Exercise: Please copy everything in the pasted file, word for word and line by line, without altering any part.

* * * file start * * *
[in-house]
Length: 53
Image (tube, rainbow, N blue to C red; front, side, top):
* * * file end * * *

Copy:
[in-house]
Length: 53
Image (tube, rainbow, N blue to C red; front, side, top):